The Talented Miss Farwell by Emily Gray Tedrowe Book Description*: At the end of the 1990s, with the art market finally recovered from its disastrous collapse, Miss Rebecca Farwell has made a killing at Christie’s in New York City, selling a portion of her extraordinary art collection for a rumored 900 percent profit. Dressed in couture YSL, drinking the finest champagne at trendy Balthazar, Reba, as she’s known, is the picture of a wealthy art collector. To some, the elusive Miss Farwell is a shark with outstanding business acumen. To others, she’s a heartless capitalist whose only interest in art is how much she can make.
But a thousand miles from the Big Apple, in the small town of Pierson, Illinois, Miss Farwell is someone else entirely—a quiet single woman known as Becky who still lives in her family’s farmhouse, wears sensible shoes, and works tirelessly as the town’s treasurer and controller.
No one understands the ins and outs of Pierson’s accounts better than Becky; she’s the last one in the office every night, crunching the numbers. Somehow, her neighbors marvel, she always finds a way to get the struggling town just a little more money. What Pierson doesn’t see—and can never discover—is that much of that money is shifted into a separate account that she controls, “borrowed” funds used to finance her art habit. Though she quietly repays Pierson when she can, the business of art is cutthroat and unpredictable.
But as Reba Farwell’s deals get bigger and bigger, Becky Farwell’s debt to Pierson spirals out of control. How long can the talented Miss Farwell continue to pull off her double life?
1. Readability: ⭐️⭐️⭐️ 2. Engagement: ⭐️⭐️⭐️ 3. Emotional Investment: ⭐️⭐️⭐️ 4. Originality: ⭐️⭐️⭐️ ⭐️ 5. Insightful/Enlightening: ⭐️⭐️⭐️ Overall: ⭐️ ⭐️ ⭐️ Neither loved or disliked it; it was good, but there was nothing new or exciting about it.
Somewhere in the vast Library of the Universe, as Natalie thought of it, there was a book that embodied exactly the things she was worrying about.
In the wake of a shocking tragedy, Natalie Harper inherits her mother’s charming but financially strapped bookshop in San Francisco. She also becomes caretaker for her ailing grandfather Andrew, her only living relative—not counting her scoundrel father.
But the gruff, deeply kind Andrew has begun displaying signs of decline. Natalie thinks it’s best to move him to an assisted living facility to ensure the care he needs. To pay for it, she plans to close the bookstore and sell the derelict but valuable building on historic Perdita Street, which is in need of constant fixing. There’s only one problem–Grandpa Andrew owns the building and refuses to sell. Natalie adores her grandfather; she’ll do whatever it takes to make his final years happy. Besides, she loves the store and its books provide welcome solace for her overwhelming grief.
After she moves into the small studio apartment above the shop, Natalie carries out her grandfather’s request and hires contractor Peach Gallagher to do the necessary and ongoing repairs. His young daughter, Dorothy, also becomes a regular at the store, and she and Natalie begin reading together while Peach works.
To Natalie’s surprise, her sorrow begins to dissipate as her life becomes an unexpected journey of new connections, discoveries and revelations, from unearthing artifacts hidden in the bookshop’s walls, to discovering the truth about her family, her future, and her own heart.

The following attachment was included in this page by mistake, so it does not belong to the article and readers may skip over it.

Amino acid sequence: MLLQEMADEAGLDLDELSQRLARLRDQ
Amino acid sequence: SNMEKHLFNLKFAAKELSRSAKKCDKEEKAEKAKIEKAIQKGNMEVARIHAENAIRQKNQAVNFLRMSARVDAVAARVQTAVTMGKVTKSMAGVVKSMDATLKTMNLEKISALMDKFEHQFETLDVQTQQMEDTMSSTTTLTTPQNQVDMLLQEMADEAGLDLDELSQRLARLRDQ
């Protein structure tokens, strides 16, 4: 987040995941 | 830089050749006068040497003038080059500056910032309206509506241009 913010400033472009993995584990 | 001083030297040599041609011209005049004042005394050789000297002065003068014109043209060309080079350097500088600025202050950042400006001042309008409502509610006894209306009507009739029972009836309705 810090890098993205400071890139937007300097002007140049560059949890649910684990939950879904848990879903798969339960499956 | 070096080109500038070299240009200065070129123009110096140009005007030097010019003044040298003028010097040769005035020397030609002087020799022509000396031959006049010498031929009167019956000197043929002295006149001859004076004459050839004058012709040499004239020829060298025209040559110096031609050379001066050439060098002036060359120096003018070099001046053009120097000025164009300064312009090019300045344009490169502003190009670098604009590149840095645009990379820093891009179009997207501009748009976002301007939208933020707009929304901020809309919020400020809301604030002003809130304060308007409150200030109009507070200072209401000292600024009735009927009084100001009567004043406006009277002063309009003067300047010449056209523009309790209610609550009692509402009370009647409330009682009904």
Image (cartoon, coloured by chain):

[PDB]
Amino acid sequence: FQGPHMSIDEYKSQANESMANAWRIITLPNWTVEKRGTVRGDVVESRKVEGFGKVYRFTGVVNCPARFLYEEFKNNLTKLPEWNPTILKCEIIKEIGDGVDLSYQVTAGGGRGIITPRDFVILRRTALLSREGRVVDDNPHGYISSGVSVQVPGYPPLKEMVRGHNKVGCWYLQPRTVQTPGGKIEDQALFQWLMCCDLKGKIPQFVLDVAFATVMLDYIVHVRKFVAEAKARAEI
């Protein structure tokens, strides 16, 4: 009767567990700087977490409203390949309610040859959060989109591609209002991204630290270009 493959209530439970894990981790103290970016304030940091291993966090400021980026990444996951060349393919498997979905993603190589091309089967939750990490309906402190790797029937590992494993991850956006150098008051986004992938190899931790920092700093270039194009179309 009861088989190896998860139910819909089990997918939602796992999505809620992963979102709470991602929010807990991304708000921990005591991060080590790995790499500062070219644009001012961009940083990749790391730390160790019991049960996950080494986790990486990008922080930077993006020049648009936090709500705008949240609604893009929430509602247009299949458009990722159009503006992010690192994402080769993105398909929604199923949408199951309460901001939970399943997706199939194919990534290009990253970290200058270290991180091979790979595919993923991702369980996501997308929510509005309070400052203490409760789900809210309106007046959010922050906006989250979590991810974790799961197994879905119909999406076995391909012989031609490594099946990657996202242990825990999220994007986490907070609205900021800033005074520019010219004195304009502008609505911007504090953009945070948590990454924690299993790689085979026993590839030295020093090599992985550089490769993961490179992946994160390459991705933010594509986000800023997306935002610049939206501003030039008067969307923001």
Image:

1. Readability: ⭐️⭐️⭐️ 2. Engagement: ⭐️⭐️⭐️ 3. Emotional Investment: ⭐️⭐️⭐️ 4. Originality: ⭐️⭐️⭐️ 5. Insightful/Enlightening: ⭐️⭐️⭐️ Overall: ⭐️ ⭐️ ⭐️ Transcendent Kingdom by Yaa Gyasi Book Description*: Yaa Gyasi’s stunning follow-up to her acclaimed national best seller Homegoingis a powerful, raw, intimate, deeply layered novel about a Ghanaian family in Alabama.
Gifty is a sixth-year PhD candidate in neuroscience at the Stanford University School of Medicine studying reward-seeking behavior in mice and the neural circuits of depression and addiction. Her brother, Nana, was a gifted high school athlete who died of a heroin overdose after an ankle injury left him hooked on OxyContin. Her suicidal mother is living in her bed. Gifty is determined to discover the scientific basis for the suffering she sees all around her. But even as she turns to the hard sciences to unlock the mystery of her family’s loss, she finds herself hungering for her childhood faith and grappling with the evangelical church in which she was raised, whose promise of salvation remains as tantalizing as it is elusive. Transcendent Kingdom is a deeply moving portrait of a family of Ghanaian immigrants ravaged by depression and addiction and grief–a novel about faith, science, religion, love. Exquisitely written, emotionally searing, this is an exceptionally powerful follow-up to Gyasi’s phenomenal debut.
Edward Farmer’s engrossing debut, Pale, begins in 1966 in the burning heat of Mississippi, when Bernice, whose husband left with all their savings and didn’t return, accepts her brothers invitation to join him in working on a cotton plantation.
She is slowly immersed into a household full of secrets, deception, revenge, and downright cruelty, which revolves around two young brothers who come to work on the plantation. One becomes a pawn to enact revenge, and the other is mistreated, lied to, and trapped by the choices of others.
As the story slowly unfolds, we see that for some, there is a perceived thin line between servant and slave, and how revengeful choices can define and change lives through generations.
People who like novels set in the south, will love the author’s rich descriptions of rural Mississippi, including the cotton fields, jacaranda, cicadas, and pestering summer heat. What a great debut!